So the call to him won't neccessarily work. I tried that yesterday but he was in the shower so didn't get the phone.

Plus, since she was screaming for Mommy, I know that wouldn't have helped one bit. Like I said last week she didn't want anything to do with DP.

I just hope with constant love and reassurance she grows up okay with us all. It breaks my heart to see someone hurting. And it's so sad when she doesn't even want to connect with her Dad.
post #5 of 9
I completely understand how frustrating this is.

My DSD used to cry for Mama A LOT. She only does it now if she is in trouble. I would say that it has really been over the last year that the constant Mama crying stopped. She is 5.5 and with us week on/week off.

Part of it is age, part is the situation. Intellectually I know that it must be so difficult and confusing for a child to have two houses. But in the moment it is hard to remember, especially if you are being rejected.

She has always had distinct preferences as to who does what for her. If her mom, DF and I were all in a room with her, her mom would basically have to be paralyzed from the neck down in order for it to be okay for DF to do something for her. And I might as well be invisible. Although we haven't all been together for about 6 months, so maybe things have changed. But Last summer, this is how it would have gone.

I recently had an incident with DSD where I had to unexpectedly pick her up from school. She was livid. It culminated with her throwing something at me while I was driving. And I've known her for almost 3 years.

It takes a lot longer than I originally expected to get to know a child and for a child to become comfortable with you. So although in some ways, 8 months is a long time to a child, in others, it's not.

I would say just hang in there, do what you are doing. Show her love, spend time with her, and wait.
post #6 of 9
Quote:
Originally Posted by pinksprklybarefoot View Post
...8 months is a long time to a child, in others, it's not.

I would say just hang in there, do what you are doing. Show her love, spend time with her, and wait.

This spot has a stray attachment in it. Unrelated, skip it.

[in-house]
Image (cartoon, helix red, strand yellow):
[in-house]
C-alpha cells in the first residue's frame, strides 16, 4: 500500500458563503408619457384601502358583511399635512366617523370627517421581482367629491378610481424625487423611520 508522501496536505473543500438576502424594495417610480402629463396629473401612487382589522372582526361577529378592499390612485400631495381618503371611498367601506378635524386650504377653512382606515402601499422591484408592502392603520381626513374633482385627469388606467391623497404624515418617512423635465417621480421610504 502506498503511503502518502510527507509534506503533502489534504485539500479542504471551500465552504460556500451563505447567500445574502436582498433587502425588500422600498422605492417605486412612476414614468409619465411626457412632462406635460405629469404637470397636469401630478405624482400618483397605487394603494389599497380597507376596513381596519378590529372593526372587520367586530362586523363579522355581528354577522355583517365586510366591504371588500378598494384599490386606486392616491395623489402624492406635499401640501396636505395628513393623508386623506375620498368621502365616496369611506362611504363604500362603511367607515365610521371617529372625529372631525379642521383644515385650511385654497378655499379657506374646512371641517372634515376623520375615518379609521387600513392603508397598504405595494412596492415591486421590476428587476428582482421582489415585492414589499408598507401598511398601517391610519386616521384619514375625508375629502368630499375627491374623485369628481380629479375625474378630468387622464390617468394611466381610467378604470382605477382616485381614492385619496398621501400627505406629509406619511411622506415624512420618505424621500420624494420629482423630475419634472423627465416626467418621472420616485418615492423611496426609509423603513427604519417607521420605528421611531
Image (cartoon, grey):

8 months is nothing
Heck, it took me 7(?!!) years to have a normal relationship with DSD...
Hang in there...
post #7 of 9
It's normal even for kids who don't have to switch back and forth between 2 different households. I've had my kids prefer Grandma over me, or vice versa. I've had the kids not want to go to school and leave me, or afternoons after school when they wished they were still with the teacher.

Your stepdaughter is only 3 or 4 years old? It's very normal for kids to be very "Mommy centered" at that age. Please try not to take any of her behavior as a personal rejection.
post #8 of 9
Thread Starter 
Thank you everyone.

You have been very re-assuring. A friend of mine assured me this happens with children not in blended families too.


I generally do keep it in perpsective and say she is just a child and doesn't mean to hurt our feelings... Yesterday was an ultra sensitive day for me for some reason.

Thank you again for the reassurance. I think all parents need it at times.
post #9 of 9
As her father puts it, my stepdaughter "dances with the one who brought her". Generally she is with one adult for the day, and that is the adult that she is most attached to. It sometimes hurts my feelings, or her dad's feelings when she cries for her mom, or refuses to be comforted but I know that she also asks for me, and talks about me a lot when she is with her mom or her dad, so that feels good. She just turned 5.
I hear you on the ultra-sensitive days...